Hummingbirds are tiny and may seem like no more than a mouthful, hardly worth the bother of any predator looking for a meal. In fact, there is a wide range of predators that will eagerly hunt hummingbirds at feeding areas, nesting areas, or favorite perches. By learning the most popular hummingbird predators and common causes of fatalities, birders can take steps to help prevent hummers from becoming an untimely meal.
It's not just predators you can protect hummingbirds from. Change hummingbird nectar frequently and keep hummingbird feeders clean. Spoiled nectar can cause disease and even death to hummingbirds from fungi that can grow in fermented sugar.
Typical Hummingbird Predators
While an adult hummingbird may not seem like a significant source of food for a human, to an animal predator, a hummingbird can be a quick, tasty snack. Plump hummingbirds are filled with sweet nectar and good sources of fat, particularly during the late summer and early fall when hummingbirds fatten themselves up for migration. Many predators won't think twice about hunting hummingbirds, such as:
- Domestic and feral cats might consider hummingbirds as playful toys, especially with the birds' bright colors and glittering plumage.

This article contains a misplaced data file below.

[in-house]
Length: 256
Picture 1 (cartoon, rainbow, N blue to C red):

- Large insects such as praying mantises and orb-weaver spiders, which may lay in wait for hummingbirds to come too close.
- Large snakes and lizards that can strike at hummingbirds or may also be visiting hummingbird feeders to sip on nectar.
- Large frogs and fish that may mistake low flying hummingbirds for insects, jumping out of the water to snare the birds.
- Avivorous birds such as the loggerhead shrike and greater roadrunner, which will eat any other birds they can catch, even tiny hummers.
- Small birds of prey like the American kestrel, merlin, or sharp-shinned hawk, which hunt large insects as well as small birds like hummingbirds.
- Owls that may spot roosting hummingbirds when the birds are more defenseless in torpor, making them an easy snack to catch.
These predators often stake out feeding areas, such as hummingbird feeders or flowerbeds, and wait for a hummingbird to come within range before striking. When hummingbirds feed, they are focusing on the food source more than any surrounding threats, and those few moments of sipping can put them at great risk from savvy predators.
Egg and Chick Predators
Many predators may not be fast enough to make a meal of an adult hummingbird, but unhatched eggs and chicks still in the nest are easy targets. Predators that can feast on young hummingbirds and hummingbird eggs include:
- Snakes and lizards of all sizes
- Bats, especially in tropical regions or bats that roost in trees
- Corvids such as jays, crows, and ravens
- Tropical omnivorous birds, such as toucans
- Large songbirds such as orioles, tanagers, grackles, and large flycatchers
- Squirrels, chipmunks, rats, and similar tree-dwelling mammals